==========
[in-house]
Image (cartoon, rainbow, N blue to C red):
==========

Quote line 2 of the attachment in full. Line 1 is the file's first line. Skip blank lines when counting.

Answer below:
Image (cartoon, rainbow, N blue to C red):